Tuesday, June 21, 2016

One: Teacher's Mindset

Are you a fifth grade teacher who wants to teach math well?

If so, begin with a successful teaching mindset.

What does that mean?

It means believing in the following tenets:
  • Every child is capable of learning in meaningful, positive ways.
  • Relationships matter. Develop strong relationships with every child.
  • Build Team with families, students, colleagues, administrators, and community members--when we work together, we do better.
  • Understand the teaching program expectations well--know the content.
What actions contribute to these tenets?

Find or make signage that reminds you, your students, and other visitors to the classroom that everyone is capable of learning in meaningful, positive ways. Position that signage in your classroom in a place where you and your students will see it as you teach.

  • Storytelling: Explain to students that there was a time when people thought some could learn and others could not. Tell students that myth has been proven untrue, and now we know that every child can learn and every child can learn well. The challenge is helping every child recognize the way they learn well and putting that effort, mindset, and tools in place. 

  • Ask students to think about their own learning journey. Let children reflect and then present their math learning journey via writing a letter, making a timeline, creating a poster, drawing a cartoon or using another way to demonstrate their math learning to date. Give students time to share their "math autobiographies" with classmates. Respond to their work in writing. Save a copy of their work for later student reflection and additions.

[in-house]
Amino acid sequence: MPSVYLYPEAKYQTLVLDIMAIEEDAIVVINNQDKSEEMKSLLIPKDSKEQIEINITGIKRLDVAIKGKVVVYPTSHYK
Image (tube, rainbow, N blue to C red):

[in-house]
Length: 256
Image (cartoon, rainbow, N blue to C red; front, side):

• Relate: Tell students your own math journey. Also explain to students that good learning depends on positive relationships. Ask students to think about the relationships they've had with teachers in the past, and then, with students, list the attributes that characterize positive teacher-student relationships. Keep that list posted in places where you and the students will see it daily.
  • Communication: Establish regular (perhaps weekly) communication patterns for teacher to the learning team (families, students, colleagues, and administrators) and student-family/teacher. When everyone on the team knows what's happened, what is currently happening, and what's coming up, people feel like they are part of the team and people contribute to that team.
  • Open Door Policy: Invite students, families, and colleagues to email you or set up appointments with you when there are issues, questions, or ideas to discuss. Typically when you do this along with regular communication, the meetings are greater at the start, but less as the year goes along because the learning team develops an efficient, targeted teaching/learning relationship.
  • Study the Content: My posts in the days ahead will outline patterns of study that help a teacher teach well throughout the math year.
Successful teaching depends on a positive teacher mindset. Books like Mindset help teachers to strengthen a positive, proactive mindset for teaching well.

What else would you add with regard to developing a strong mindset for teaching well?